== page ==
Heilbrunn Timeline of Art History



  • Tea service, ca. 1888
    Tiffany & Company (American, 1837–present)
    Silver, silver–gilt, enamel, ivory; 97.1.1: Overall 4 3/4 x 10 7/8 x 5 3/16 in., 393 grams (12.1 x 27.6 x 13.2 cm, 12.635 troy ounces); 97.1.2: Overall 2 7/8 x 5 3/8 x 3 1/8 in., 276.3 grams (7.3 x 13.7 x 7.9 cm, 8.883 troy ounces); 97.1.3a,b: Overall 1 11/16 x 4 1/2 x 3 1/8 in., 116.4 grams (4.3 x 11.4 x 7.9 cm, 3.742 troy ounces); 97.1.4: Overall 5/8 x 5 in., 47 grams (1.6 x 12.7 cm, 1.511 troy ounces)
    Gift of a Friend of the Museum, 1897 (97.1.1–4)

    During the 1880s, Tiffany & Company favored enamels over mixed metals to achieve polychrome effects. The ornament on this tea service, described as "Persian" in the Tiffany factory books, is clearly derived from Near Eastern art in both its brilliant colors and its floral and calligraphic motifs. This jewel-like "tête-à-tête," as it is called in the Tiffany archives, may also have been inspired by Russian and French enameled silver. Tiffany's head designer, Edward C. Moore, who assembled an important collection of Near Eastern and Asian art, probably designed the service. On each object, the richness of the enameling is heightened by the delicately etched and gilded interior. The owner also had the initials CHA and the date 1897 etched on all four pieces. An anonymous donor presented it in 1897 to the Metropolitan Museum, using Tiffany & Company as an intermediary.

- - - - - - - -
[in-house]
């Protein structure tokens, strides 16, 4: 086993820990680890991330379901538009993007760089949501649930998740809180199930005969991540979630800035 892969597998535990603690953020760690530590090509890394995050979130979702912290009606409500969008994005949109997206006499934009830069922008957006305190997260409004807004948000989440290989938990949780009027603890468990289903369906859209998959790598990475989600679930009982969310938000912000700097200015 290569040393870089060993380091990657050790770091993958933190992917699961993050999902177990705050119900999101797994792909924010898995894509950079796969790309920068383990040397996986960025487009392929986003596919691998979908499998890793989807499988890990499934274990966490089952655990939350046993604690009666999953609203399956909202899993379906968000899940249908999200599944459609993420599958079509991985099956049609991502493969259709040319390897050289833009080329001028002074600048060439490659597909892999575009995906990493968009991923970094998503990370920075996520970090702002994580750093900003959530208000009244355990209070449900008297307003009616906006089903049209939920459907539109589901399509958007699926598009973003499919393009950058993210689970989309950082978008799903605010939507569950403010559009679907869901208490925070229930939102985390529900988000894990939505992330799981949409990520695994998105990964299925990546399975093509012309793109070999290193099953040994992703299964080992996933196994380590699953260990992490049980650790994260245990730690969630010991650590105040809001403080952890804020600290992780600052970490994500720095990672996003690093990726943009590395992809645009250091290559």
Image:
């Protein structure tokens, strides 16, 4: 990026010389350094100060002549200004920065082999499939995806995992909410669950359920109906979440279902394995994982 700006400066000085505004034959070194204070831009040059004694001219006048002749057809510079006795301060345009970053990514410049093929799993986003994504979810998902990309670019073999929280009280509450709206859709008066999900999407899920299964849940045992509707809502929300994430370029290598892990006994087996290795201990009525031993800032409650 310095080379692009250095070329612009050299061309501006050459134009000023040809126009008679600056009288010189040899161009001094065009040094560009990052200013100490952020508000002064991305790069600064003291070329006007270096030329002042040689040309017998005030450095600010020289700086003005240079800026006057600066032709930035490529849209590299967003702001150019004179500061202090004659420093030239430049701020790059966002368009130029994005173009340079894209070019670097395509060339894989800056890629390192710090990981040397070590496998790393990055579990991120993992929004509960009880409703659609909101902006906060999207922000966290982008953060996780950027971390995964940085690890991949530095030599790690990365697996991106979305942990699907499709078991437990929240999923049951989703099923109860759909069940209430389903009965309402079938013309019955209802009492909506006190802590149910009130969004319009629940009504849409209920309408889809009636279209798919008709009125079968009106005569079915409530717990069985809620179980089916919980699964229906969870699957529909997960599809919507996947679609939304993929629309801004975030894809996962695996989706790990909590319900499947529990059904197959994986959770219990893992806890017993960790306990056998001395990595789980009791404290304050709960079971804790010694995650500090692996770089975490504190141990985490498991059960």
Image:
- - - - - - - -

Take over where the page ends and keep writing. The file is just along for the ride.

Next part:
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  • Tea service, ca. 1888
    Tiffany & Company (American, 1837–present)
    Silver, silver-gilt, enamel, ivory; 97.1.1: Overall 4 3/4 x 10 7/8 x 5 3/16 in., 393 grams (12.1 x 27.6 x 13.2 cm, 12.635 troy ounces); 97.1.2: Overall 2 7/8 x 5 3/8 x 3 1/8 in., 276.3 grams (7.3 x 13.7 x 7.9 cm, 8.883 troy ounces); 97.1.3a,b: Overall 1 11/16 x 4 1/2 x 3 1/8 in., 116.4 grams (4.3 x 11.4 x 7.9 cm, 3.742 troy ounces); 97.1.4: Overall 5/8 x 5 in., 47 grams (1.6 x 12.7 cm, 1.511 troy ounces)
    Gift of a Friend of the Museum, 1897 (97.1.1-4)

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